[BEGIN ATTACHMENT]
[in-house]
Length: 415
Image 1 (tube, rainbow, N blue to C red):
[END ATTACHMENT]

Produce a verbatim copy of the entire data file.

[in-house]
Length: 415
Image 1 (tube, rainbow, N blue to C red):